Kokedama: Kokedama is a Japanese bonsai planting technique, dating back hundreds of years. These unique hanging gardens are also called string gardens or moss balls and are incredibly easy and fun to create. Almost any plant can be used, so it’s a great project for experimenting with different plants.
A kokedama garden is created by hanging different plants together in a cluster to create a “garden”. You might choose to group indoor houseplants in a string garden, arrange them outside, or simply have one hanging in a prominent spot.
If you don’t have a lot of space, these gardens are the perfect solution. They can even be used together seated on a beautiful tray or saucer. Kokedama are a simple, beautiful, and artistic way to display plants inside or out.
Over the years this is the method we’ve come up with for creating these simple creations. It’s a messy process but a lot of fun too.
Peat moss, bonsai soil or clay cat litter (the cheapest, unscented), sphagnum moss, green sheet moss, garden twine, fishing line, latex gloves, container filled with water – optional: cotton string.
Directions for soil mix and sphagnum moss:
In a large container, measure out peat moss and bonsai soil/cat litter. Use 7 parts peat moss to 3 parts soil/litter. Add water, mixing well, until the consistency is of soil that can be formed into a ball that will not fall apart. Set aside. Wearing latex gloves, take a handful of sphagnum moss and moisten it in a container of water; wring out excess.
Remove as much soil from the rootball of the plant as you can and set aside.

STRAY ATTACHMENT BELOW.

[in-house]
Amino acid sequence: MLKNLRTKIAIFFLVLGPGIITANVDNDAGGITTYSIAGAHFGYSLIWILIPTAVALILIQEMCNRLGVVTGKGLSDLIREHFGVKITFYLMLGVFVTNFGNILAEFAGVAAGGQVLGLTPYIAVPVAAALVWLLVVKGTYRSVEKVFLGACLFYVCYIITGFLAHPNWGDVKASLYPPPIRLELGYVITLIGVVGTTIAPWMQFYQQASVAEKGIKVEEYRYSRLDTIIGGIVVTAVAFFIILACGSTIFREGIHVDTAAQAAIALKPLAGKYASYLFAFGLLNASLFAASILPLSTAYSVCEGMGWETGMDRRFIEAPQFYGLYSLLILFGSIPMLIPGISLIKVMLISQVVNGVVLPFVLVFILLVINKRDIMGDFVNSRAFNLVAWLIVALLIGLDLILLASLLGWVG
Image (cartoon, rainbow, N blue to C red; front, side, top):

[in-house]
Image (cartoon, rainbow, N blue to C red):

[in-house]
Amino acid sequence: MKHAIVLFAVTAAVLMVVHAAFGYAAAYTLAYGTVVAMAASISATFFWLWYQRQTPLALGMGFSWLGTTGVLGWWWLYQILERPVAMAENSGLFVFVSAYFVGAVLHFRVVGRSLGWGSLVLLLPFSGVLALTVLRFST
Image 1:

Assembling your string garden:
- Take a handful of the dampened sphagnum moss and wrap it around the roots of the plant. At this point it is optional to wrap the sphagnum with cotton string to secure it. As the plant roots grow through the sphagnum, the cotton string will decompose. I don’t use the cotton string, opting to form the dampened sphagnum around the roots alone.
- Now it’s time to form the soil mixture around the sphagnum wrapped plant. Firm the mixture onto it, taking small amounts and pressing firmly. Try to create a round ball. Set aside.
- Take a piece of green sheet moss large enough to wrap around your string garden. Set aside.
- Cut a long piece of garden twine or fishing line – this will be what you wrap around the ball and secure the moss with.
- Wrap the moss around the ball, pulling off excess moss. Center the twine or fishing line under the ball, and begin to wrap it so the moss is secure, then tie off. Cut more if necessary. Wrap it tightly, forming a smooth ball.
- Cut 3 pieces of fishing line to hang your string garden and you’re done!
Maintaining your string garden:
Water your string garden when the ball begins to feel light, or if the plant begins to wilt. As with any other planting, you will begin to get a feel for the timing of watering. Always try to water before your plant begins to look stressed. Soak the ball in a bowl of water until it is completely saturated. If it is hanging inside, squeeze excess water out of the moss ball before re-hanging.
A few plant choices for your string garden:
Inside: ivy, pothos, bromeliad, fittonia, pilea. Outside: herbs, ajuga, carex, succulents.
Some observations I’ve made on string gardens I’ve planted and maintained:
The plants in a string garden do seem to “bonsai” themselves simply by the virtue of having the roots so constricted. The theory behind the moss ball and the plant becoming “bonsaid” is that as the roots begin to grow out of the moss ball the roots actually “air prune” themselves, thus keeping the plant small.
Obviously, with the peat/bonsai soil mix, the ball will dry out, so keep an eye on it. It may work best to try plants that aren’t too demanding at first – bromeliads, succulents, and such.
Play around with the types of string/twine wrap you use – I’ve used light weight colored wire as well for a fun “artsy” look. Another idea is to find a natural netting of some sort to wrap around the moss and tie it on with clear fishing line… there are so many creative possibilities. The bottom line? Choose a plant, and have fun!
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By Kris Blevons